Let's talk about some of the things the judges, Wes and Jane Patton, were looking for in the Market category. Just like with people, the first impression of the fleece was critical. As Jane Patton said, "A champion fleece needs to look like a champion." The first impression, where they took in the color, the cleanlines, the "character", really had a big impact. But that first impression could be spoiled if, as they dove in to the bag to sample different sections of the fleece, they found undesireable things. Things like inconsistent staple length, crimp, or fineness from one part of the fleece to another marked a fleece down. If they found the fleece was poorly skirted, with belly wool or sheep pellets still to be found, that marked the fleece down as well. A definite preference was shown to fleeces that held together - if you picked up a section and it looked like a halloween spider web decoration, that marked the fleece down too.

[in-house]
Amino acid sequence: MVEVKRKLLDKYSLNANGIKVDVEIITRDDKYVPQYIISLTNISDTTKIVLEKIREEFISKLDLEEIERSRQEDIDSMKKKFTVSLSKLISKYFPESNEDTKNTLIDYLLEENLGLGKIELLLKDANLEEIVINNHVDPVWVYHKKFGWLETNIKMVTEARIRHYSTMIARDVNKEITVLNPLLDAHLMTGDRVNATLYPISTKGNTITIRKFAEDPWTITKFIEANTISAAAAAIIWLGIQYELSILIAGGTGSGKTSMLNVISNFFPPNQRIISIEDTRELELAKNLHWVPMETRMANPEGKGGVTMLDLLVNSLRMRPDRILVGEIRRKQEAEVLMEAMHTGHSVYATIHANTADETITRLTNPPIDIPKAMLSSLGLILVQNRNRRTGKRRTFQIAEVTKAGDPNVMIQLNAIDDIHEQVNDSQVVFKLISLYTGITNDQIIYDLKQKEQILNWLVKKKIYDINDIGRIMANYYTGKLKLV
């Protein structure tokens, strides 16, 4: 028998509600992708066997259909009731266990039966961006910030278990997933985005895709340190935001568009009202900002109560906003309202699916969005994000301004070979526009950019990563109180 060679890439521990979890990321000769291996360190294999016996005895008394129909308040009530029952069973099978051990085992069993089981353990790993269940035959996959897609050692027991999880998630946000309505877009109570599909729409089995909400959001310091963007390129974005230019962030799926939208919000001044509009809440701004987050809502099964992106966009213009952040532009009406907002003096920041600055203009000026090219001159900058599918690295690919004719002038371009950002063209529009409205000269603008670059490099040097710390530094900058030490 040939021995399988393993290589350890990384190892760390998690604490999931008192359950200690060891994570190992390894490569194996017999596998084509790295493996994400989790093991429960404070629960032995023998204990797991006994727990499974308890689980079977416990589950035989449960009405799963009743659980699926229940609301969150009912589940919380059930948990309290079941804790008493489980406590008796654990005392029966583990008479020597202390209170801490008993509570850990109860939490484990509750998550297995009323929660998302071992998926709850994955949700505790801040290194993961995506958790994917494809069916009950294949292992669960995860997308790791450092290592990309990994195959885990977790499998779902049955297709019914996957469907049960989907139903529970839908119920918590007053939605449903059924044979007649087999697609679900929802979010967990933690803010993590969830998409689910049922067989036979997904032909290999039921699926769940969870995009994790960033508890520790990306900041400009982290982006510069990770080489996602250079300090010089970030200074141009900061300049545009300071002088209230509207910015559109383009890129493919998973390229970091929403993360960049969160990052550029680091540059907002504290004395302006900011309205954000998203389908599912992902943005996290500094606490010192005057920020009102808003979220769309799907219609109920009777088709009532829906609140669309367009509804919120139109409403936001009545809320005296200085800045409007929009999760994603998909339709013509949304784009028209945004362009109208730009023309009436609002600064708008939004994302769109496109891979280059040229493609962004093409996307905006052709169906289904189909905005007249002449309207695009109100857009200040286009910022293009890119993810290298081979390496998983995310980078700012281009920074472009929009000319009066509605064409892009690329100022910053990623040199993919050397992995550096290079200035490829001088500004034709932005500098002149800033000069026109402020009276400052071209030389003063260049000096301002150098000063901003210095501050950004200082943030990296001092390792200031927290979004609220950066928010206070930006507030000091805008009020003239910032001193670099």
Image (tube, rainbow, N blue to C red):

If a fleece was "tender" - if the locks just broke apart width-wise when tugged - that fleece was either marked down in rank or, if the problem was common throughout all samples of a given fleece, the fleece was removed entirely from judging and was sent back to the farmer. It would not go to auction. If a fleece showed other issues resulting from how the sheep were managed, those also impacted the rank of a market fleece. In the photo above, you see how the second lock from the left has that little wave in it towards the bottom? That isn't the crimp of the fleece. That's where something happened to the sheep to stress it for a bit and change its wool production. That something could have been anything in their environment, from diet to heat. That doesn't impact it's usability for handspinners, but if you took two fleeces equal in every way except for that wave, the one with the wave would be marked down.